With the start of a new school year underway, parents and kids are busy shopping for new supplies, school clothing and uniforms and athletic and extracurricular activity equipment. However, one important area to keep top of mind is the importance of healthy eating practices and making sure that your child is receiving a healthy lunch and appropriate snacks at school.
To get your kids in gear for a successful school year, Kidshealth.org suggests the following guidelines when packing or buying school lunch:
1. Choose fruits and vegetables. Fruits and vegetables are like hitting the jackpot when it comes to nutrition. They make your plate more colorful and they’re packed with vitamins and fiber. It’s a good idea to eat at least five servings of fruits and vegetables every day, so it’s best to aim to fit in one or two at lunch. A serving isn’t a lot. A serving of carrots is ½ cup or about 6 baby carrots. A fruit serving could be one medium orange.
2. Know the facts about fat. Kids need some fat in their diets to stay healthy – it also helps keep you feeling full – but you don’t want to eat too much of it. Fat is found in butter, oils, cheese, nuts and meats. Some higher-fat lunch foods include french fries, hot dogs, cheeseburgers, macaroni and cheese and chicken nuggets. Don't worry if you like these foods! No food is bad, but you may want to eat them less often and in smaller portions. Foods that are lower in fat are usually baked or grilled. Some of the best low-fat foods are fruits, vegetables and skim and low-fat milk.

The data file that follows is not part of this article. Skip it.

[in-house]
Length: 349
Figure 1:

3. Let whole grains reign. "Grains" include breads, cereals, rice and pasta. But as we learn more about good nutrition, it's clear that whole grains are better than refined grains. What's the difference? Brown rice is a whole grain, but white rice is not. Likewise, whole-wheat bread contains whole grains, whereas regular white bread does not.
4. Slurp sensibly. It's not just about what you eat — drinks count, too! Milk has been a favorite lunchtime drink for a long time. If you don't like milk, choose water. Avoid juice drinks and sodas.
5. Balance your lunch. When people talk about balanced meals, they mean meals that include a mix of food groups: some grains, some fruits, some vegetables, some meat or protein foods, and some dairy foods such as milk and cheese. Try to do this with your lunch. If you don't have a variety of foods on your plate, it's probably not balanced. A double order of french fries, for example, would not make for a balanced lunch.
6. Steer clear of packaged snacks. Many schools make salty snacks, candy, and soda available in the cafeteria or in vending machines. It's OK to have these foods once in a while, but they shouldn't be on your lunch menu.
Source: Kidshealth.org -
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